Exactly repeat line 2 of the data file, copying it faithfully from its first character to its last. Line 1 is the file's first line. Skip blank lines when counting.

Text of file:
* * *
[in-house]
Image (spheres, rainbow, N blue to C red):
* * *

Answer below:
Image (spheres, rainbow, N blue to C red):